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Soldier and Me DVD review

Exceptional children’s TV thriller from the 1970s.

Soldier and Me

Soldier and Me is a children’s television series from the mid-1970s. Made by Granada television, and shot entirely on film and mostly on location, it’s an expensively-produced thriller, and it stands up today as cracking drama. Although made for children and young adults at the time (we’d guess a 10-16 demographic), David Line’s intelligent script transcends its target audience (with an expansive story that incorporates the fallout of the Czechoslovakian uprising) and leaves this action adventure series appealing to contemporary lovers of classic British TV.

Jim Woolcott (the late Gerry Sundquist) is a popular fifeen-year old, streetwise enough to survive in a tough school. When he sees a young Czech immigrant attacked by a gang, he steps in to save him. This one act of kindness sees the boy – Istvan Szolda (Woolcott Anglicises his name to ‘Soldier’ – hence the title), clinging to Woolcott like a devoted puppy. When Szolda overhears a group of his fellow countrymen plotting murder, he persuades Woolcott to help him investigate, and they witness the apparent killing of an old man. But when the police laugh off their story, and the Czech gang tracks them down to silence them, Woolcott and Szolda skip town and escape to the coutryside together, only to find themselves ruthlessly pursued by the criminals at every turn, and finding no solace or welcome in a hostile environment.

The prospect of British TV series with child leading actors often makes us shudder with dread – but we had no such concerns with this series. The lead, and the narrator of the series, Jim Woolcott, is brilliantly played by Gerry Sundquist. It’s great to hear a northern accent in TV of the era (as well as see an entire drama set in the north of England – almost unheard of at the time), and Sundquist makes the most of the drily ironic lines and delightful colloquialisms from writer David Line. Sundquist is paired-up with the equally excellent Richard Willis – and the contrasts between them, both physically and in their personalities, are what makes their characters so strong and credible and their adventures so entertaining. Whereas Woolcott is tall and confident; Szolda is short, skinny and bespectacled. Willis’ Czech accent is remarkably credible and consistent for such a young actor.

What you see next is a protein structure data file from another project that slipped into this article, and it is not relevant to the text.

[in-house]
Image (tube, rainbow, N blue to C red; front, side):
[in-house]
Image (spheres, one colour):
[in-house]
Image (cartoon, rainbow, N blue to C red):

The core friendship is depicted with refreshing honesty. Szolda irritates Woolcott, who often takes out his frustrations on him, but Sundquist plays regret nicely, so we understand his very human reactions to being lumbered with Szolda. Willis too retains our sympathy. It’s no easy task depicting a nerdy intellectual outsider without alienating the viewer, but he plays Szolda with such sweetness and vulnerability (he’s so like a puppy Woolcott’s friend even throws a ball for him to fetch) that it’s impossible to dislike him.

The ten-episode story is thoughtfully written, with an unusual amount of character development for a thriller, and the surprisingly large budget stretches to shooting the whole production on film. Admittedly, the production team didn’t use the most expensive film stock (probably 16mm), and the colours now look washed-out, especially the greens which is apparent in the sequences shot in the Lake District. Director Carol Wilks keeps a great handle on the story as well as the action sequences (Wilks and producer Brian Armstrong had a World in Action heritage that lends the serial a stark, documentary feel that serves the drama well). A leap from a moving train is astonishingly effective, and the young actors are further put through their paces with a downhill race on a bike with no brakes, falls into icy lakes and skids down the sides of quarries.

The only negative criticism of the series, besides the relatively poor picture quality, is that after the first few episodes, the story becomes repetitive. The boys narrowly escape from the Czech gang and find somewhere to hide out, only to be tracked down again and have to move on: and repeat. There is though, the growing sense of encroaching danger, and, whilst Soldier and Me could probably lose fifty minutes without hampering the story, the resolution in the final instalment doesn’t disappoint.

For fans of British character actors, look out for Richard Wilson (One Foot In The Grave) who plays a prominent supporting role, and is, as always, a delight to watch.

Overall, Soldier and Me holds up really well four decades after it was made thanks to nuanced writing that doesn’t patronise a young audience, compelling performances from the juveniles and some surprisingly adult themes. There’s plenty of humour in it to counterbalance the darker themes of murder, kidnapping and the hunting of children, though I’m not sure you’d get away with depicting a sinister old farmer firing his shotgun at kids any longer. Shame: TV was braver in those days, and all the better for it. If you remember the serial from your childhood, then revisiting it will prove a nostalgic trip you will adore taking. Your memories haven’t cheated: it really is terrific drama, and well-deserving of the BAFTA it won in 1974. Richard Willis recalls filming Soldier and Me in the DVD booklet.

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